Digital learning communities (DLC) : investigating the application of social software to support networked learning (CG6-36)
Fitzgerald, Robert, Barrass, Stephen, Campbell, John, Hinton, Sam, Ryan, Yoni, Whitelaw, Mitchell, Bruns, Axel, Miles, Adrian, Steele, James, & McGinness, Nathan (2009) Digital learning communities (DLC) : investigating the application of social software to support networked learning (CG6-36). Australian Learning and Teaching Council.
Universities are in the business of preparing students for their professional, social and intellectual lives: as such they are also about producing the leaders and innovators for a rapidly changing technological world. It is not entirely clear how well universities are responding to these objectives particularly when it comes to embracing new technologies such as social software. University students face many challenges to their effective participation in and engagement with the university environment. Competing study, work and social demands (Krause et al, 2005) fragment their lives and reduce their time on campus, reducing their opportunities to engage with their peers in the discourse that explores, interrogates and provides a supplementary social ground for their in-class learning. Social interaction is fundamental to the pursuit of high quality thinking and learning outcomes (cf Vygotsky, 1978) and simple and robust information and communications technologies (ICT) give us new opportunities to promote social interaction, build social networks and enhance students’ university presence. The Digital Learning Communities (DLC) Project considered the potential of social software to support peer engagement and group learning in higher education. The project established a series of pilots that examined ways in which social software could provide students with opportunities to engage with their peers to supplement the more formal aspects of their education. It spoke with teaching and support staff about the use of social software to support learning, and to students about how they saw social software being used in their university lives. It established a wiki-based cookbook that provides ideas and suggestions for the use of social software, and conducted surveys of staff and students’ use of new social technologies.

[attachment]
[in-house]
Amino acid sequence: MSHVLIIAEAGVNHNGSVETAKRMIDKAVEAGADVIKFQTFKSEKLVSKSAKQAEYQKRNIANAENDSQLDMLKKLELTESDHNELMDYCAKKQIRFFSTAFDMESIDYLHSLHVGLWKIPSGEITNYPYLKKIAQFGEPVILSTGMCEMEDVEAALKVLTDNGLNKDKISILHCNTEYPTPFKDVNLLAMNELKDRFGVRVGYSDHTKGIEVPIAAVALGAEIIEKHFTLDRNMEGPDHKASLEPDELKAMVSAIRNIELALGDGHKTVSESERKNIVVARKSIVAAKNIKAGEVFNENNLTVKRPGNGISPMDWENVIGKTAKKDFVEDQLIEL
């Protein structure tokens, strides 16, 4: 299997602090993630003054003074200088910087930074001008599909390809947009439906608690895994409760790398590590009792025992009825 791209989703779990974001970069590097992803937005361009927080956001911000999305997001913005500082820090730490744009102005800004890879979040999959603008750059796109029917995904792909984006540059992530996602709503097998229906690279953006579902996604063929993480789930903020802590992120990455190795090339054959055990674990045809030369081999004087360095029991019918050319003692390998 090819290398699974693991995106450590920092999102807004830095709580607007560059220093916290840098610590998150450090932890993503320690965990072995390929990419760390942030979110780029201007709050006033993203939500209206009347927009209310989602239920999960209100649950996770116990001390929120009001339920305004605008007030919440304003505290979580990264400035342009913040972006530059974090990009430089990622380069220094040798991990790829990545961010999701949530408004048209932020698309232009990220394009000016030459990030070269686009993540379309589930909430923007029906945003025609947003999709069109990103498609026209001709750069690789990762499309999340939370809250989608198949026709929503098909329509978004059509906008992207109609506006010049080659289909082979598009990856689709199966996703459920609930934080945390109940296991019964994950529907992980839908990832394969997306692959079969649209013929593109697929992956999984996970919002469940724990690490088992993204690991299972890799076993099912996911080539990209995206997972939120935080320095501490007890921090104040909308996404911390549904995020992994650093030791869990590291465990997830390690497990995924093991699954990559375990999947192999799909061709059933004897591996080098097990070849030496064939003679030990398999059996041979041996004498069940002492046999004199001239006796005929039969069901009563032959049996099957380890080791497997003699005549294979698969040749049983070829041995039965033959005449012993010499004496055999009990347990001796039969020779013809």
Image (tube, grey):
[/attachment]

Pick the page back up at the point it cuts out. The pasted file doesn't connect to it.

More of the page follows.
Impact and interest:
Citation counts are sourced monthly from and citation databases.
These databases contain citations from different subsets of available publications and different time periods and thus the citation count from each is usually different. Some works are not in either database and no count is displayed. Scopus includes citations from articles published in 1996 onwards, and Web of Science® generally from 1980 onwards.
Citations counts from theindexing service can be viewed at the linked Google Scholar™ search.
Full-text downloads displays the total number of times this work’s files (e.g., a PDF) have been downloaded from QUT ePrints as well as the number of downloads in the previous 365 days. The count includes downloads for all files if a work has more than one.
|Keywords:||new media, social software, education, pedagogy, higher education, HERN|
|Subjects:||Australian and New Zealand Standard Research Classification > EDUCATION (130000) > SPECIALIST STUDIES IN EDUCATION (130300) > Educational Technology and Computing (130306)
Australian and New Zealand Standard Research Classification > EDUCATION (130000) > CURRICULUM AND PEDAGOGY (130200)
Australian and New Zealand Standard Research Classification > LANGUAGES COMMUNICATION AND CULTURE (200000) > COMMUNICATION AND MEDIA STUDIES (200100) > Communication Technology and Digital Media Studies (200102)
|Divisions:||Current > Research Centres > ARC Centre of Excellence for Creative Industries and Innovation
Current > QUT Faculties and Divisions > Creative Industries Faculty
Past > Institutes > Institute for Creative Industries and Innovation
Current > Schools > Journalism, Media & Communication
|Copyright Owner:||Copyright 2009 Australian Learning and Teaching Council|
|Copyright Statement:||This work is published under the terms of the Creative Commons Attribution-Noncommercial-Share Alike 2.5 Australia Licence. Under this Licence you are free to copy, distribute, display and perform the work and to make derivative works. Attribution: You must attribute the work to the original authors and include the following statement: Support for the original work was provided by the Australian Learning and Teaching Council Ltd, an initiative of the Australian Government Department of Education, Employment and Workplace Relations. Noncommercial: You may not use this work for commercial purposes. Share Alike: If you alter, transform, or build on this work, you may distribute the resulting work only under a license identical to this one. For any reuse or distribution, you must make clear to others the license terms of this work. Any of these conditions can be waived if you get permission from the copyright holder. To view a copy of this license, visit http://creativecommons.org/licenses/by/2.5/au/ or send a letter to Creative Commons, 543 Howard Street, 5th Floor, San Francisco, California, 94105, USA. Requests and inquiries concerning these rights should be addressed to the Australian Learning and Teaching Council, PO Box 2375, Strawberry Hills NSW 2012 or through the website: www.altc.edu.au.|
|Deposited On:||05 Mar 2009 00:33|
|Last Modified:||27 Oct 2014 04:57|
Repository Staff Only: item control page